Monday, July 16, 2007

Even sports can lead to God!

[Well, that "even" is unnecessary. One would hope that it should be obvious that sports can and should lead to God!] A Brazilian Archbishop on the occasion of the Pan American Games. [Via Zenit] (Of course, how many of us in the US -- where we blithely call ourselves "America" -- even knew of the existence of this event?).
Retired Archbishop Eugenio de Araújo Sales of Rio de Janeiro recalled that St. Paul exhorted Christians in their spiritual life with imagery of a race.

And he reiterated words from Pope John Paul II on the occasion of the Jubilee of Athletes in 1984: "Through the metaphor of holy athletic competition, [St. Paul] highlights the importance of life, comparing it to a race toward a goal that is not only earthly and passing, but eternal. It is a race in which not only one but all may be winners."

Archbishop de Araújo Sales continued: "The directives outlined by the Holy Father John Paul II are still valid today for faithful Catholics and men of good will, and they deserve to be remembered in a special way in these days."

According to the prelate, sports should correspond "without distorting themselves, to the demands of our times -- sports that tutor the weakest, exclude no one, and liberate young people from the insidiousness of apathy and indifference, awakening in them a healthy spirit of competition, sports that are a factor in the emancipation of the poorest countries and help to eliminate intolerance and build a fraternal and unified world; sports that contribute to a love of life, teach sacrifice, respect, responsibility, leading to the valuing of every human person."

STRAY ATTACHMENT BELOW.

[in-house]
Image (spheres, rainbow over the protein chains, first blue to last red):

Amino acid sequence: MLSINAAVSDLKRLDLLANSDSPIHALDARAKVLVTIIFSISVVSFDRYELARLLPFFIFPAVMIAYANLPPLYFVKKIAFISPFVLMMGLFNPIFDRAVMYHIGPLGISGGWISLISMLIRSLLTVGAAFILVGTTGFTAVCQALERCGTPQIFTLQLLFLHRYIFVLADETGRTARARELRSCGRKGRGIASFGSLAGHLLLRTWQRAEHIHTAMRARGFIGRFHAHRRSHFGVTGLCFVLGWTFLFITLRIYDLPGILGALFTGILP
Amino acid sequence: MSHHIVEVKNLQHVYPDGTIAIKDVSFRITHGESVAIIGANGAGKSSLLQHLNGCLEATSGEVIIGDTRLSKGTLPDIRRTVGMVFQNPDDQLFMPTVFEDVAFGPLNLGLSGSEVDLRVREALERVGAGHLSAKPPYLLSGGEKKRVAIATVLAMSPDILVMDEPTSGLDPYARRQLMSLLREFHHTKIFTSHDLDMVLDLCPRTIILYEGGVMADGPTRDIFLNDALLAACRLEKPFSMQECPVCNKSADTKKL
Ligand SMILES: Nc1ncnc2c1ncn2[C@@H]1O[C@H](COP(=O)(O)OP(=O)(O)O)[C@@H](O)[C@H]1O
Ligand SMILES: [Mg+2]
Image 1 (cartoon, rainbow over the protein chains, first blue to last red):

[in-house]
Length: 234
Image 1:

I, of course, like to think that watching sports and cheering one's team, can lead to God. (It certainly seems on occasion, however, to lead to violations of the Second Commandment!)

2 comments:

Mac said...

Perhaps. But what of the fresh-faced American college football players who ostentatiously huddle in prayer before every game: do they really think that the Ancient of Days gives a hoot who wins? Yusuf Yohanna, as he then was, of the Pakistani cricket team used to cross himself just as ostentatiously before he got the word from Imran Khan that if he didn't lift his act and forswear the infidel in favour of Islam his career was going nowhere; now he performs a raka on his knees with his forehead to the ground at appropriately festive moments during every game. One presumes of course that the Almighty's involvement is being solicited with a view to defeating the other team; it could be that they are merely praying for honour and integrity and no doping....

Gashwin said...

Oh please -- the article said nothing about asking God to have one's team win, or using God/religion as a superstitious good luck charm.